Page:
Sex Roles, Vol. 54, Nos. 1/2, January 2006 (
Work Values and Their Effect on Work Behavior
and Work Outcomes in Female and Male Managers
Irene Hanson Frieze,
Josephine E. Olson,
Audrey J. Murrell,
and Mano S. Selvan
A longitudinal sample of over 800 MBA graduates surveyed across a 16-year period was re-
cruited to investigate the relationship of work values to work effort, salary levels, and other
work outcomes. As predicted, certain work values were related to higher salary levels and
to the number of hours worked. Changing companies more often and receiving more promo-
tions were also signiﬁcantly related to work values. Work values did not differ for women and
men in the sample, except that women were higher in the value of wanting to do an excel-
lent job. Controlling for work values did not explain signiﬁcantly higher salaries for men as
compared to women. Implications of these data are discussed.
KEY WORDS: salary; work values; managers.
It is widely assumed that one’s values affect
one’s behavior, although these linkages have not al-
ways been clearly demonstrated in empirical studies
(Bardi & Schwartz, 2003). One speciﬁc type of val-
ues has been labeled “work values” (MOW, 1987).
These values relate to what people most want in their
work. Some commonly researched work values in-
clude the idea of being recognized for one’s work,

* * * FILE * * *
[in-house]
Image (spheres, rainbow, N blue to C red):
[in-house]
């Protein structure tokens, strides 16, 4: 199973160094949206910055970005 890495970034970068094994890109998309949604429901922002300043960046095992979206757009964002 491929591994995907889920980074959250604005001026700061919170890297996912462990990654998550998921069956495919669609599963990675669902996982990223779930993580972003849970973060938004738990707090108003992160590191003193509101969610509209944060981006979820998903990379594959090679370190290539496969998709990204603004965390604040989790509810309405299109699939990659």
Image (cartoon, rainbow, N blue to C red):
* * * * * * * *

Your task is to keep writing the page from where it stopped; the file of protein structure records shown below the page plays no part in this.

taking pride in doing a good job, wanting to make
money, and wanting to help people (MOW, 1987).
Although there have been a number of studies of the
relationship between work values and work behav-
ior, most of these studies have been focused on men
in a single organization (e.g., McClelland & Boyatzis,
Department of Psychology, University of Pittsburgh, Pittsburgh,
Joseph M. Katz Graduate School of Business, University of
Pittsburgh, Pittsburgh, Pennsylvania.
Department of Biostatistics, Graduate School of Public Health,
University of Pittsburgh, Pittsburgh, Pennsylvania.
Present address: Department of Clinical Quality, The University
of Texas M. D. Anderson Cancer Center, Houston, Texas.
To whom correspondence should be addressed at Department
of Psychology, University of Pittsburgh, 3329 Sennott Square,
210 S. Bouquet Street, Pittsburgh, Pennsylvania 15260; e-mail:
1982). The present study was designed to take advan-
tage of a longitudinal data set from a sample of MBA
graduates surveyed in 1984, 1991, and 2000–2001, as
studies of the effects of work values over time are
particularly lacking in the existing literature (Harpaz
& Fu, 2002). The sample includes primarily men and
women business managers across a large set of dif-
ferent organizations. This data set provides a unique
opportunity to examine the relationship of work val-
ues to work outcomes for managers of both sexes.
Work Values of Managers
A few researchers have examined work values as
they relate to work behavior and outcomes. In a clas-
sic study of managerial values related to work and
nonwork activities, England and Lee (1974) found
that, for male managers in the United States, salaries
were correlated with a greater importance placed
by the managers on making proﬁts, having inﬂuence
over others, and taking risks. Less ﬁnancially success-
ful managers in the U.S. and other countries were
found to be low on achievement orientation, and they
stressed security as a general value and other non-
work values. In a later extension of this research, that
2006 Springer Science+Business Media, Inc.